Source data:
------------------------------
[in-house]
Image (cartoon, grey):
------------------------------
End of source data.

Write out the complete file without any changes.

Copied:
[in-house]
Image (cartoon, grey):